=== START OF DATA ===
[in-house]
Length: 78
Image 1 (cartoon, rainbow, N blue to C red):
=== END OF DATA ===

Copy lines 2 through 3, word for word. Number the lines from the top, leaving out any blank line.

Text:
Length: 78
Image 1 (cartoon, rainbow, N blue to C red):